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The distinctions between employees and contractors can be confusing, but it’s important to correctly classify the workers you pay. Both positions have different tax obligations for your business.
The primary difference between an employee and a contractor is the degree of control you have over how the worker does their work. The IRS categorizes these distinctions as behavioral, financial, and relationship.
- Reports to you, or to someone else who works for you. You or your business control when, where and how the employee’s work is done, and measures their performance
- Uses your business’s resources and materials to do their work
- Is paid a regular wage, with income tax and other statutory deductions withheld
- Has the expectation of an indefinite relationship with you, with no fixed term of employment
- Receives a W2 at the end of the year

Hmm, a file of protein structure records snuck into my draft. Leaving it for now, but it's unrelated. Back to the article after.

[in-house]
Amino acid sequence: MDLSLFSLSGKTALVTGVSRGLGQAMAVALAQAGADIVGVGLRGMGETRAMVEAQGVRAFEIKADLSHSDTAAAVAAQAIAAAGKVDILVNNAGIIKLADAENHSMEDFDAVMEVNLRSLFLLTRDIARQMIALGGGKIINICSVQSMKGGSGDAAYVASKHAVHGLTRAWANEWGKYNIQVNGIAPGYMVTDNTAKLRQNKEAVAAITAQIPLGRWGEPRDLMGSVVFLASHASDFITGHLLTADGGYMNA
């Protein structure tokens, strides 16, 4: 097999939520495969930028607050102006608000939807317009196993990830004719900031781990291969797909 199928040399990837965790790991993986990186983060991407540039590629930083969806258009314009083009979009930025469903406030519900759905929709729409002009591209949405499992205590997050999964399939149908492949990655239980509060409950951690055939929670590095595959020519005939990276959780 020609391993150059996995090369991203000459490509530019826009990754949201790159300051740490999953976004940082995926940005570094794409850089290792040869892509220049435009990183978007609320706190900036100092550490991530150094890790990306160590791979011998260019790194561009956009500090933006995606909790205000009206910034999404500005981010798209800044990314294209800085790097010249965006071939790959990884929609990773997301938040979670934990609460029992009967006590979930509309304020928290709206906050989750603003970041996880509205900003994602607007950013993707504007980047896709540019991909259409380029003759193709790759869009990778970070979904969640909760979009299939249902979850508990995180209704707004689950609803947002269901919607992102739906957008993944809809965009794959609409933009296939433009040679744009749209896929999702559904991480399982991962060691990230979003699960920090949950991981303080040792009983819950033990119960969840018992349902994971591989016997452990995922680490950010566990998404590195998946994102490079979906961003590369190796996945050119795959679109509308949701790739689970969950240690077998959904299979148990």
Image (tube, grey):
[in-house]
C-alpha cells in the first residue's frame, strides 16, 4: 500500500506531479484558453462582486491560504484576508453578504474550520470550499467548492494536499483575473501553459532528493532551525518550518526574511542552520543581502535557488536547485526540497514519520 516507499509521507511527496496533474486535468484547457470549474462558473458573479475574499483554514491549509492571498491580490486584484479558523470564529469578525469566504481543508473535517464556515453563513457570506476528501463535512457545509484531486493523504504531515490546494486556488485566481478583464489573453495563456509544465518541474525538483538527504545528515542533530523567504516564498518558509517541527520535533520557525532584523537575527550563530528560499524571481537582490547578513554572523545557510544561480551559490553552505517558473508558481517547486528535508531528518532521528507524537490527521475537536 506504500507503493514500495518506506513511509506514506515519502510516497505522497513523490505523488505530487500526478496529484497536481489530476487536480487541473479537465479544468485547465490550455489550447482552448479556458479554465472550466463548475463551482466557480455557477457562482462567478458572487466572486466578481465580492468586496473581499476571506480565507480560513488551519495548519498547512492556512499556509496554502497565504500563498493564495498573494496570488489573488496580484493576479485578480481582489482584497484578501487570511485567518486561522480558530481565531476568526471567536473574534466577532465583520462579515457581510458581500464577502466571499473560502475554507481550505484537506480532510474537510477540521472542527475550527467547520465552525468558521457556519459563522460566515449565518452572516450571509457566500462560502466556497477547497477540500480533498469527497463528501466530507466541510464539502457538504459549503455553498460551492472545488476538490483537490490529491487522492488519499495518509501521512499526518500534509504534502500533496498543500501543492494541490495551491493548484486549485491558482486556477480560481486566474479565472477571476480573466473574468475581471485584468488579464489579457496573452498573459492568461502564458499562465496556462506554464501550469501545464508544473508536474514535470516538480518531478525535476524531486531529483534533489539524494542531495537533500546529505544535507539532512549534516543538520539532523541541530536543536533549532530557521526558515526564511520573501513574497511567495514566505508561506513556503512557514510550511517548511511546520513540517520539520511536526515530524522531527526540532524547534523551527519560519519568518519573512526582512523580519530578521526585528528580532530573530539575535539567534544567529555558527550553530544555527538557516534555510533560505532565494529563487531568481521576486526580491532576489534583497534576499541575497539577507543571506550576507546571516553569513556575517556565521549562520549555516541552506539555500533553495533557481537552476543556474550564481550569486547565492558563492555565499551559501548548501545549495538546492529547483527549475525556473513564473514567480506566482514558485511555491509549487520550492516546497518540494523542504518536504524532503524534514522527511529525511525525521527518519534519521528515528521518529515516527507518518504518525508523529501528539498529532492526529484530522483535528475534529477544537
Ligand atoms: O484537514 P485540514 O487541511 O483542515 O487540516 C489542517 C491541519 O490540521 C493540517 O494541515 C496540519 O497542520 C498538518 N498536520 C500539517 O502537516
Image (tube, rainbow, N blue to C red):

- Has individual control of when, where, and how they perform their work. Your business has input on the final product, but the contractor controls the process
- Uses their own resources and materials to do their work
- Is generally paid a flat fee for a project, and is subject to self-employment tax
- Works on a fixed contract or term, with an intended end date
- Receives a 1099-MISC form at the end of the year
Incorrectly classifying a worker who is an employee as a contractor will have serious tax implications for your business. If you misclassify an employee as a contractor, that means you aren’t paying federal employment tax, as well as other statutory deductions like Medicaid and Social Security. Your worker is also not covered by unemployment insurance and worker’s compensation.
To protect your business, it’s important to evaluate your relationship with your workers according to federal law, and treat them accordingly. Failure to do so could result in financial penalties including requirements to pay back wages and taxes.
While the IRS notes that there is no “magic formula” for determining the status of a worker, consider whether you have an ongoing relationship with a worker, pay them regularly, and/or if they work out of your business location or use your materials or resources. These elements indicate that a worker should be classified as an employee.
If you’re still unsure, the IRS can help you classify your workers using Form SS-8.